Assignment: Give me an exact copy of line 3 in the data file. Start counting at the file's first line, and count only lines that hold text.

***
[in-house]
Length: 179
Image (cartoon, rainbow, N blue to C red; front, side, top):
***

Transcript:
Image (cartoon, rainbow, N blue to C red; front, side, top):